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Justices: Divorced parents don't have to pay graduate school costs for their children

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In a unanimous decision, the Indiana Supreme Court ruled divorced parents cannot be obligated to pay the graduate or professional school expenses of their adult children in a case where a mother and father were forced to share a child’s dental school expenses after she completed her undergraduate degree.

David and Kimberly Allen divorced in 2002 and agreed to share custody of their two children. They agreed to a modification in 2010 where David Allen would be responsible for their daughter’s educational expenses and Kimberly Allen would be responsible for her health insurance.

David Allen petitioned for another change of the agreed order in 2013, seeking to have the daughter’s dental school expenses divided between him and his ex-wife. The trial court denied his order, but the Court of Appeals reversed it, ruling the trial court erred by making David Allen liable for the expenses and rejecting mother’s cross-appeal argument that the trial court lacks authority to order the parents to pay for their child’s graduate school expenses. The mother sought transfer and it was granted by the Supreme Court.

In a decision written by Justice Steven David, the court examined Indiana Code 31-16-6-2, which states in part, “The child support order or an educational support order may also include, where appropriate, amounts for the child’s education in elementary and secondary schools and at postsecondary educational institutions … .”

David wrote “postsecondary” means an organized two-year or longer program of collegiate grade directly creditable toward a baccalaureate degree, citing the higher education title. David cited four other codes in support of this interpretation.

The Court of Appeals ruled the Legislature was free to enact a limit on education after high school but didn’t, so all expenses should be included. David pointed out the Legislature didn’t include graduate expenses. He also mentioned recent changes to the child support statutes mean the Legislature’s intent was to not include graduate school.

David wrote Indiana is one of the few states that have a statute providing for educational expenses once a child has reached the age of majority. Most states have no law requiring divorced parents provide college expenses, and of the states that do, the majority limit payment of the expenses to a certain age.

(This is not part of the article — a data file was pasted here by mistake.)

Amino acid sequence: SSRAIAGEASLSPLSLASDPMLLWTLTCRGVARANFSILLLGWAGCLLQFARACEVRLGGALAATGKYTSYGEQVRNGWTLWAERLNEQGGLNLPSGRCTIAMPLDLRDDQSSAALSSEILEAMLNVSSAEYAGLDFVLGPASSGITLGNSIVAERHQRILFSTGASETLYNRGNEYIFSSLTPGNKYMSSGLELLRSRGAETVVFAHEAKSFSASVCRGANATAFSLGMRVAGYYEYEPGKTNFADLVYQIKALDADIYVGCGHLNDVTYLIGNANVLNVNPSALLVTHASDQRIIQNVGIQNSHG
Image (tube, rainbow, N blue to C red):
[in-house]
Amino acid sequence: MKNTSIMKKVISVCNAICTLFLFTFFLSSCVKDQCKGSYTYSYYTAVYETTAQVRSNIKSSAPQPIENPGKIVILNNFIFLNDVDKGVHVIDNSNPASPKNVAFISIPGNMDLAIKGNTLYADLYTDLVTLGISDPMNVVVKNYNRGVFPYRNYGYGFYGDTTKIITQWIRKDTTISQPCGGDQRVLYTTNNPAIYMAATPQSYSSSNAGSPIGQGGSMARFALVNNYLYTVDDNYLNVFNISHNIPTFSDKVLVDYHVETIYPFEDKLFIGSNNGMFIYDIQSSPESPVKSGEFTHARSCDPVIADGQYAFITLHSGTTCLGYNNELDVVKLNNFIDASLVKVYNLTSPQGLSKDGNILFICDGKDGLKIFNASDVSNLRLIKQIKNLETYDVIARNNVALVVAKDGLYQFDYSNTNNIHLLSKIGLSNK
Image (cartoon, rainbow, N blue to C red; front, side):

“We also note that married parents have no legal obligation to pay for their children’s educational expenses beyond high school, let alone graduate school expenses,” David wrote.

He ended by noting that divorced parents can still agree to pay a portion or all of their child’s graduate expenses, and that agreement can be enforceable by the court.

The case is David  P. Allen v. Kimberly W. Allen, 13S01-1601-DR-00053.
 

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  1. Please I need help with my class action lawsuits, im currently in pro-se and im having hard time findiNG A LAWYER TO ASSIST ME

  2. Access to the court (judiciary branch of government) is the REAL problem, NOT necessarily lack of access to an attorney. Unfortunately, I've lived in a legal and financial hell for the past six years due to a divorce (where I was, supposedly, represented by an attorney) in which I was defrauded of settlement and the other party (and helpers) enriched through the fraud. When I attempted to introduce evidence and testify (pro se) in a foreclosure/eviction, I was silenced (apparently on procedural grounds, as research I've done since indicates). I was thrown out of a residence which was to be sold, by a judge who refused to allow me to speak in (the supposedly "informal") small claims court where the eviction proceeding (by ex-brother-in-law) was held. Six years and I can't even get back on solid or stable ground ... having bank account seized twice, unlawfully ... and now, for the past year, being dragged into court - again, contrary to law and appellate decisions - by former attorney, who is trying to force payment from exempt funds. Friday will mark fifth appearance. Hopefully, I'll be allowed to speak. The situation I find myself in shouldn't even be possible, much less dragging out with no end in sight, for years. I've done nothing wrong, but am watching a lot of wrong being accomplished under court jurisdiction; only because I was married to someone who wanted and was granted a divorce (but was not willing to assume the responsibilities that come with granting the divorce). In fact, the recalcitrant party was enriched by well over $100k, although it was necessarily split with other actors. Pro bono help? It's a nice dream ... but that's all it is, for too many. Meanwhile, injustice marches on.

  3. Both sites mentioned in the article appear to be nonfunctional to date (March 28, 2017). http://indianalegalanswers.org/ returns a message stating the "server is taking too long to respond" and http://www.abafreelegalasnswers.org/ "can't find the server". Although this does not surprise me, it is disheartening to know that access to the judicial branch of government remains out of reach for too many citizens (for procedural rather than meritorious reasons) of Indiana. Any updates regarding this story?

  4. I've been denied I appeal court date took a year my court date was Nov 9,2016 and have not received a answer yet

  5. Warsaw indiana dcs lying on our case. We already proved that in our first and most recent court appearance i need people to contact me who have evidence of dcs malpractice please email or facebook nathaniel hollett thank you

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